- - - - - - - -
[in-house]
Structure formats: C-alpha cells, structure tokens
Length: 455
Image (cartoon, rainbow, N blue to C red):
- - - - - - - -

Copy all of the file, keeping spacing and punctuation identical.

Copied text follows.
[in-house]
Structure formats: C-alpha cells, structure tokens
Length: 455
Image (cartoon, rainbow, N blue to C red):